Boston College Steps Up Sustainability Initiatives
CHESTNUT HILL, Mass. (August 2012) — Members of this year’s Boston College freshman class will be given reusable water bottles as an alternative to plastic containers, and all students living on campus will receive a free, energy-saving LED light bulb, as the University continues its campaign for sustainability.
Other recent sustainability initiatives have included the University’s first-ever “Zero Waste” event on Aug. 3, and the second installment of the “BC Clean” program to clear residence halls of trash and discarded student belongings.
“We’ve been very encouraged by the interest and enthusiasm shown throughout the Boston College community,” said Robert Pion, program director of the University’s Sustainability Program. “Whether it’s students or employees, there is clearly a lot of support on campus for sustainability efforts — and we look to expand these in the coming academic year.”
Pion said the plan to distribute water bottles to the Class of 2016 is a case of one sustainability initiative forming the basis for another. This past spring, Edmonds Hall won the “NRG Games” — a campus competition to see which residence hall can conserve the most energy — and earned the first prize of a pizza party for the hall’s residents. Instead, Edmonds representatives opted to donate the cost of the party to support another sustainable endeavor, Pion explained.
The Edmonds donation, with help from the Energy & Engineering Office and the Sustainability Program, will now go to encouraging this year’s freshman class to seek alternatives to purchasing bottled water. Reusable bottles, along with pamphlets on campus sustainability, will be distributed at the start of the fall semester, Pion said.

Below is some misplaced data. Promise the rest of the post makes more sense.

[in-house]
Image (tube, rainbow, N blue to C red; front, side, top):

“The hope is to get freshmen off to a good start in conserving resources,” he said.
Also this fall, Pion said, in partnership with NStar, BC will offer residence hall students a free LED light bulb to replace a compact fluorescent or incandescent bulb. The LED bulb will save 80 to 90 percent energy in comparison to the replaced bulb.
On another front, Pion said the first “Zero Waste” event, which took place in conjunction with a cookout for the Facilities Services division, was a success. The goal, he said, is to keep the amount of trash to less than 10 percent of all waste generated at the event, by using compostable or recyclable materials wherever possible and encouraging attendees to dispose of these appropriately.
“There were 200 people at this event, and they really got into the ‘Zero Waste’ idea,” said Pion, who praised the cooperation shown by Facilities Services, the Bureau of Conferences and Dining Services. “Hopefully, it will serve as a model for future events on campus.”
Pion said this year’s “BC Clean” program showed tremendous growth from its debut last year, when it succeeded a similar initiative, “CleanSweep.”
“CleanSweep had been a very successful program, and many people across campus were generous with their time,” he said. “The idea to donate goods instead of disposing them made so much sense. However, while CleanSweep relied on volunteer and staff time, it required multiple moves of items being donated.
“With BC Clean, the two charities are on site and items are directly moved into the trucks, students’ cars or the dumpster. This program places responsibility on the students who have purchased and owned the various items.”
The amount of discarded furniture and other household items collected this past May and donated to the charity organization Household Goods Recycling Ministry was 35 percent above that of 2011. There also were increases in collections of clothing (48 percent) and food goods (38 percent), which were donated to St. Vincent de Paul.
“BC Clean demonstrates, again, how a coordinated effort can achieve great results,” said Pion, lauding the collaboration between Facilities Services and the offices of Residential Life and Waste Management, as well as the two charity organizations.